The church's first meeting house was raised in December of 1725. In 1731 the church voted to observe the Cambridge Platform of Church Discipline, which meant adopting a congregational form of governance. In 1829 the meeting house was sold, and a new church building was built. However, this building was destroyed by a fire in 1882. A new edifice was built in the same location and dedicated in 1883. This building was also destroyed by a hurricane in 1938. The fourth building was constructed in the same location in 1939. On October 2, 1994 the congregation voted to leave the United Church of Christ denomination due to theological differences. In 1997, the current church building was constructed in order to accommodate expanding membership. In September 2011 the name of the church was officially changed to Faith Community Church. They are still active today. More information can be found on their website.

Included in these records are confessions of faith; church meeting minutes; reports; and lists of marriages, baptisms, deaths, and dismissions.

 

Pembroke, Mass. First Church

The earliest history of the First Church in Pembroke can be traced to the early 18th century. The First Church in Pembroke was organized October 22, 1712 and its first minister, Daniel Lewis, was ordained December 3, 1712. Under Lewis the parish flourished and in 1727 a larger, meeting house was built. The third meeting house was erected by the end of 1837. It continues today as a vibrant congregation.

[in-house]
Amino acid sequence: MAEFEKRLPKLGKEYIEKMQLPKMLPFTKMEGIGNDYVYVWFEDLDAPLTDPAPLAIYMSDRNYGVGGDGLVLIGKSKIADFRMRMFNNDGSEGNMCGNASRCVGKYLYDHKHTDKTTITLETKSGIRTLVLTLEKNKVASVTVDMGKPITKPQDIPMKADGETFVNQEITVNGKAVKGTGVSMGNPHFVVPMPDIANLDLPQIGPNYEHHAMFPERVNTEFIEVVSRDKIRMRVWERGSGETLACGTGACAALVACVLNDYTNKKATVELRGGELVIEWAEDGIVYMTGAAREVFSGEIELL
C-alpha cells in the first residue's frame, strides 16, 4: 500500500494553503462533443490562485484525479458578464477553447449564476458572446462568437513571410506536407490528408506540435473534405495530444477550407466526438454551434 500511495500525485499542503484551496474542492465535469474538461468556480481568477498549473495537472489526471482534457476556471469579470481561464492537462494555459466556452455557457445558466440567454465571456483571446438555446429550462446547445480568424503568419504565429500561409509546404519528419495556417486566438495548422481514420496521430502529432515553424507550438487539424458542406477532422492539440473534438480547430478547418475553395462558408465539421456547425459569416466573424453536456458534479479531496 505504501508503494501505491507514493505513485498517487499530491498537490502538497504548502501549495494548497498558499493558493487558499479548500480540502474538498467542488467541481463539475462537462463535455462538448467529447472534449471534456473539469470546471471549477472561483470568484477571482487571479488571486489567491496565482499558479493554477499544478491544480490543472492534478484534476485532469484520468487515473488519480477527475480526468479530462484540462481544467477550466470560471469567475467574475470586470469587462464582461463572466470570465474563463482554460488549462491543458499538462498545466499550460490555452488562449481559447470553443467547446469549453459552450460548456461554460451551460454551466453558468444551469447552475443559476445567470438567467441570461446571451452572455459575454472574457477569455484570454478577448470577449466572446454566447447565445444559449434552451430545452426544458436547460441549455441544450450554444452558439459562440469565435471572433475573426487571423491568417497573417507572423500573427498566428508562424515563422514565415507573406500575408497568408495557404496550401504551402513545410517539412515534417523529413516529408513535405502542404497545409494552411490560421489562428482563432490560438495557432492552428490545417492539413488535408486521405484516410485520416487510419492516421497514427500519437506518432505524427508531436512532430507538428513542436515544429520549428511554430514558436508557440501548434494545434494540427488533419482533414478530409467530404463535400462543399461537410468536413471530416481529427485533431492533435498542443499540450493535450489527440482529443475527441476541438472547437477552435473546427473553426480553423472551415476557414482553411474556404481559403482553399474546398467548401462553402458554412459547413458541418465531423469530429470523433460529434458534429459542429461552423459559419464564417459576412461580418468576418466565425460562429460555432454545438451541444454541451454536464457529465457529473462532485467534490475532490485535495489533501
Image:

These records document the early history and life of the church, including membership lists, administrative and financial records, and church correspondence.

 

Special Thanks

This digital resource has been made possible in part by the National Endowment for the Humanities: Exploring the human endeavor.

Any views, findings, conclusions, or recommendations expressed in this resource do not necessarily represent those of the National Endowment for the Humanities.

September 1, 2017

The Congregational Library & Archives will be closed on Monday, September 4th in observance of Labor Day.

All of our online resources will be available as usual. If you have questions for the staff, please send an email or leave a voicemail, and we'll get back to you when we return to the office on Tuesday.